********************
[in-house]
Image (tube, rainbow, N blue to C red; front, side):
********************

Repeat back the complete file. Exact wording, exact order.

[in-house]
Image (tube, rainbow, N blue to C red; front, side):